Sweden struggles under second virus wave
Despite a sharper tone from authorities and new restrictions, Sweden, which has famously relied on non-coercive measures, is struggling to contain a strong second wave of Covid-19 it thought it could avoid.
The capital Stockholm is once again at the epicentre of the epidemic and this week called on members of the public with medical training to help offset some of the burden on healthcare.
Lars Falk, a doctor at an intensive care unit at the Karolinska Hospital in Stockholm, told AFP the second wave had hit much harder than they expected.
“We got three different scenarios from the Public Health Agency this summer. We prepared for the worst, and it turned out twice as bad,” Falk told AFP.
Others regions are also seeing resources stretched thin.
On Monday, the number of people receiving hospital care reached 2,406, near the peak of 2,412 on April 20.
For now, the number of people in intensive care is still less than half the level seen in April, according to Sweden’s National Board of Health and Welfare.
The total number of deaths associated with Covid-19 in the country of some 10.3 million reached 7,802 on Wednesday, with more than 500 in the last week and over 1,800 since the beginning of November.
With very few coercive measures and no face mask rule, Sweden has stood apart by relying on citizens’ “responsibility” and issuing only recommendations — with no sanctions if they are ignored.
Authorities have tried to call for greater personal sacrifices as new cases have risen — notably urging people to limit social interactions to those in their household or a very small circle of friends.
However, some measures are binding, and on November 24 a ban on public gatherings of over eight people went into force, lowering the number from 50.
“We become tougher, but I think we need to be even tougher than this,” intensive care doctor Falk said.
Contrary to media reports, the Scandinavian nation never targeted so-called herd immunity as part of its official strategy.
But health officials did argue that the high level of spread in the spring should weaken any second wave.
“I think we will have a relatively low even spread during the autumn, with clusters in different places,” state epidemiologist Anders Tegnell told broadcaster TV4 in August.
That seemed to be borne out for a while, as the second wave hit later and deaths remained low in October.
Tegnell stuck to his assessment that the country could do better than many others in Europe.
“With the expertise and tools we have in place in Sweden, there are good reasons to believe we can avoid that type of development,” Tegnell said at the end of the month.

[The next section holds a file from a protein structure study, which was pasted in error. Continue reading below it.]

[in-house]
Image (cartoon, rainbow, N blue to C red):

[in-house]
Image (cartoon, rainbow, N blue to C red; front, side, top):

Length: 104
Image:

Despite criticism, Prime Minister Stefan Lofven has refused to call the strategy a failure, arguing it is too early to make a final assessment.
But in an interview with daily Aftonbladet on Tuesday, Lofven also said he felt many experts had underestimated the second wave.
“I think most in the profession did not see such a wave incoming, there was instead talk of different clusters,” he said.
‘I believe we have failed’
An independent commission appointed by the government did however conclude that the strategy failed in its effort to protect the elderly in care homes, a lapse already conceded by authorities.
Over 90 percent of coronavirus deaths in Sweden have been among those aged 70 and up, and nearly half of all deaths have been in retirement homes.
“I believe we have failed,” Sweden’s King Carl XVI Gustaf told broadcaster SVT in a programme summing up the year and released Thursday.
Analysts noted the unusually sharp tone of the message from the king, whose power is ceremonial and who typically refrains from commenting on political matters.
The response has also been constrained in part by legislation, including a guarantee on freedom of movement enshrined in the constitution.
The government is preparing a temporary, one-year “pandemic law” it aims to have in place by March 2021, which will empower ministers to limit the number of people in public places and regulate businesses and services by restricting opening hours or even shutting them down.
Among Swedes, support for the strategy and confidence in authorities has generally remained strong throughout the pandemic.
But while a majority still has confidence in the Public Health Agency, a poll published by daily Dagens Nyheter on Thursday showed how the number of people with “high confidence” in the agency had dropped to 52 percent from 68 percent in October.